Thursday, January 31, 2008

Suzuki Method

My two little boys have recently begun learning to play instruments using the Suzuki method. I had heard about it for many years and how amazing the progress was for the children taught using it, but never experienced it firsthand. Well, it so happens that we live in a place where the program here is very well organized and the teaching is excellent.

Being a home schooling family, we were able to get into the program much more quickly than many others. Since I am able to bring my boys for their private lessons when other children are at school, we did not have to wait on a waiting list as so many others do. So, last fall we had the boys begin taking lessons... the eldest on the viola; the younger on violin. I must say it is amazing to see how much more quickly they progress than I did when I first began learning to play the violin in grade school group class many years ago.

Some key differences I have noticed are:

1. Much more parental involvement from the very start. This means the parents are active participants in learning what the children are to practice and to assure that they get effective practices between lessons. Those parents who haven't ever learned to play a string instrument are even encouraged to learn to play at least the basics themselves so that they understand better what the child is learning. The parents are present at lessons, listening, taking notes and reinforcing at home the key points the teacher makes...

2. Private lessons for each child from the beginning. I remember my wonderful elementary school orchestra teacher, Doris Welborne, faced with maybe up to 20 brand-new students all in the orchestra room at the same time, all needing instruments tuned, chaos reigning on many occasions... It was amazing that she was able to get us all to play together at the same time at all, much less foster the interest in continuing on and gaining proficiency as time went on. We certainly did not have that one-on-one attention for each child that allows each of the Suzuki students to have help with the particular problems he/she may have with the instrument and technique. We were taught not only to play the instrument, but to also read the music right from the start. This all necessarily slowed the class as a whole down a great deal. Some of us already had been taking piano lessons and could already read the music; others had no clue. I was so impressed with how quickly my boys moved through learning the various techniques and fairly difficult pieces in such a short time. It was a huge contrast with how I learned myself.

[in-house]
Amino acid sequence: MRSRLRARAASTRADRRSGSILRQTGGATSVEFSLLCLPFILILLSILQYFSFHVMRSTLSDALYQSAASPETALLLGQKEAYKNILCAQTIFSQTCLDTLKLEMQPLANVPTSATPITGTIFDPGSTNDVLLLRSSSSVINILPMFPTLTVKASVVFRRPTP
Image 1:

3. Listening CD's for getting the tunes etched in the child's memory. The technique of getting the children to listen daily to the music they will be playing helps a great deal in their ability to play the pieces. Particularly for the younger students, less emphasis on reading the notes and more emphasis on the technique of actually playing the instrument seems to be very effective.

4. Playful techniques in the group classes. Keeping the interest of the children and making it fun for them seems to help in the learning process. Each teacher has his/her own techniques and fun games or variations on the various pieces that keep it interesting for the children. Even if a child has been playing a particular piece a long while, the various techniques, bowing, fingering, etc. that are used to make it a bit different allows them not to become bored and reinforces the things they have learned over and over.

5. Frequent opportunities to play in front of others. Recitals, outdoor concerts for local events, playing in front of other classmates... these all take away the fear of playing and standing in front of an audience.

It has added a bit more driving and commitment of our time to a schedule than I had last year, but I think it has been a great confidence builder for the boys. Not only do I hope that they both become accomplished string players in time, but I believe that the ability to read music is a life skill that they'll be glad of for the rest of their lives.

We are getting ready for a music workshop for the boys this weekend... there will be guest Suzuki instructors working with the children tomorrow and Saturday. They'll have the opportunity to learn from someone new, who may have different techniques and be able to help the children progress by seeing things with fresh eyes... We are all looking forward to it a great deal.


It has been a bit quieter around here... I enjoyed choir practice with the main choir last night. Despite my fears, the chant is sounding better. I still don't like it with organ accompaniment, but that is just not up to me.

We are also working on some very nice polyphony pieces with the small choir. We worked on three very nice pieces last night -- Lord, for Thy Tender Mercy's Sake, Hide Not Thou Thy Face, Miserere (Lotti). We also did a quick listen through of Tallis' O Nata Lux, a beautiful piece that I first heard sung last summer at the colloquium and When David Heard (Thomkins). I'm not sure which of those we can feasibly do, but it is great fun singing them along the way.

This evening we will have our regular schola rehearsal, when we can hopefully finish working on the Attende, Domine and Parce Domine for Ash Wednesday. I'm also hoping to bring the pieces typically used for Friday evening Stations of the Cross to work on with the schola. Our solfege training will continue, as well as preparations for the next schola Mass on March 30th.

It has been very rainy and a bit cold here (keeping in mind that is relative -- we are in Louisiana, after all). It actually appeared to be snowing here last night, for about 30 seconds or so. This was a thrilling event for my two little boys, who really do wish it would snow here occasionally.